Implications of Ecological Validity for Cognitive Distortions of Depression
Date of Completion
Core features of cognitive theories of depression suggest individuals vulnerable to developing depression hold negative perception biases and have distorted cognitions which contribute to and maintain depression. Depressive realism posits depressed individuals do not evidence cognitive biases, and instead perceive their world more accurately. Evidence to support depressive realism is mixed, and may vary across several parameters. The current study directly compared cognitive inferences on tasks of varying ecological validity across 79 undergraduates. On ecologically salient tasks, depressed participants were negatively biased while nondepressed participants were mostly unbiased. For tasks with less ecological validity, both depressed and nondepressed participants were negatively biased in their estimates of control. Findings of negative bias on less ecologically valid tasks do not provide support for depressive realism and instead partially support cognitive theories of depression. Implications of these findings for future research are discussed. ^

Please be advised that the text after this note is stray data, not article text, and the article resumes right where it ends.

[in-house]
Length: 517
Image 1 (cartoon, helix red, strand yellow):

Novosel, Rachel S, "Implications of Ecological Validity for Cognitive Distortions of Depression" (2011). Doctoral Dissertations. AAI3485414.